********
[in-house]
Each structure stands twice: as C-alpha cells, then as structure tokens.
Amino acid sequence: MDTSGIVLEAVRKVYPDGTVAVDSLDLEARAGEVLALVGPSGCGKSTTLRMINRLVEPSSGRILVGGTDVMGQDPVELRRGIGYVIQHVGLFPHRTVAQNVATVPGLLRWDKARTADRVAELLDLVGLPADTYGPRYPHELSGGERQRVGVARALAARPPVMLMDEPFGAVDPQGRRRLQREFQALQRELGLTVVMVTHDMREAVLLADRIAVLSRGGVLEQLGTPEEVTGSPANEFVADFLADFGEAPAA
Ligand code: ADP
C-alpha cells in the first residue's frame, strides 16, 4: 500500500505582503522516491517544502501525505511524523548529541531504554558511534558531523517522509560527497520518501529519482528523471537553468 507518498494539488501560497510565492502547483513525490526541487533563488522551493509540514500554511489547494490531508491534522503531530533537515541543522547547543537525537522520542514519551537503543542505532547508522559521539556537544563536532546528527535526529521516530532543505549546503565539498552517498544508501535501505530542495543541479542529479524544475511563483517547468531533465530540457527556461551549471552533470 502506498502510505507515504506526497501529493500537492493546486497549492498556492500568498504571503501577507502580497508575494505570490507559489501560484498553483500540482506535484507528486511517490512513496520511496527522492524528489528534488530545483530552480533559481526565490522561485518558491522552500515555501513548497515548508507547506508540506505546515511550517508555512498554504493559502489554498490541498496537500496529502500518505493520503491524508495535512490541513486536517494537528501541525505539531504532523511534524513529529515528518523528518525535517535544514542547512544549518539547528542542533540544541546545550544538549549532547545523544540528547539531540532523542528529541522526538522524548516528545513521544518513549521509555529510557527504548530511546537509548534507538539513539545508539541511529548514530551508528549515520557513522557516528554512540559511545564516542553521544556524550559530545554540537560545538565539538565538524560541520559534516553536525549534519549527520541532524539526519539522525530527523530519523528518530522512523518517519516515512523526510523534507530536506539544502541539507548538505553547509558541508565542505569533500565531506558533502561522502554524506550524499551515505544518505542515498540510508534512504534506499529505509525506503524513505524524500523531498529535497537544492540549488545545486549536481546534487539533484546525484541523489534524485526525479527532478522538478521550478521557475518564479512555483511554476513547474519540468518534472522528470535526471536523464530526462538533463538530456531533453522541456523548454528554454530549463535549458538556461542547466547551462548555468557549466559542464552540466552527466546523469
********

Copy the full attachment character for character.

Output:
[in-house]
Each structure stands twice: as C-alpha cells, then as structure tokens.
Amino acid sequence: MDTSGIVLEAVRKVYPDGTVAVDSLDLEARAGEVLALVGPSGCGKSTTLRMINRLVEPSSGRILVGGTDVMGQDPVELRRGIGYVIQHVGLFPHRTVAQNVATVPGLLRWDKARTADRVAELLDLVGLPADTYGPRYPHELSGGERQRVGVARALAARPPVMLMDEPFGAVDPQGRRRLQREFQALQRELGLTVVMVTHDMREAVLLADRIAVLSRGGVLEQLGTPEEVTGSPANEFVADFLADFGEAPAA
Ligand code: ADP
C-alpha cells in the first residue's frame, strides 16, 4: 500500500505582503522516491517544502501525505511524523548529541531504554558511534558531523517522509560527497520518501529519482528523471537553468 507518498494539488501560497510565492502547483513525490526541487533563488522551493509540514500554511489547494490531508491534522503531530533537515541543522547547543537525537522520542514519551537503543542505532547508522559521539556537544563536532546528527535526529521516530532543505549546503565539498552517498544508501535501505530542495543541479542529479524544475511563483517547468531533465530540457527556461551549471552533470 502506498502510505507515504506526497501529493500537492493546486497549492498556492500568498504571503501577507502580497508575494505570490507559489501560484498553483500540482506535484507528486511517490512513496520511496527522492524528489528534488530545483530552480533559481526565490522561485518558491522552500515555501513548497515548508507547506508540506505546515511550517508555512498554504493559502489554498490541498496537500496529502500518505493520503491524508495535512490541513486536517494537528501541525505539531504532523511534524513529529515528518523528518525535517535544514542547512544549518539547528542542533540544541546545550544538549549532547545523544540528547539531540532523542528529541522526538522524548516528545513521544518513549521509555529510557527504548530511546537509548534507538539513539545508539541511529548514530551508528549515520557513522557516528554512540559511545564516542553521544556524550559530545554540537560545538565539538565538524560541520559534516553536525549534519549527520541532524539526519539522525530527523530519523528518530522512523518517519516515512523526510523534507530536506539544502541539507548538505553547509558541508565542505569533500565531506558533502561522502554524506550524499551515505544518505542515498540510508534512504534506499529505509525506503524513505524524500523531498529535497537544492540549488545545486549536481546534487539533484546525484541523489534524485526525479527532478522538478521550478521557475518564479512555483511554476513547474519540468518534472522528470535526471536523464530526462538533463538530456531533453522541456523548454528554454530549463535549458538556461542547466547551462548555468557549466559542464552540466552527466546523469